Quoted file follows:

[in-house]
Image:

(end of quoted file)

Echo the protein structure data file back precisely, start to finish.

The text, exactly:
[in-house]
Image: